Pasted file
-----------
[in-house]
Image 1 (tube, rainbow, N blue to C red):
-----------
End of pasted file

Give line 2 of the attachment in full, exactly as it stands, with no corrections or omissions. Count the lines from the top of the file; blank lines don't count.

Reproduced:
Image 1 (tube, rainbow, N blue to C red):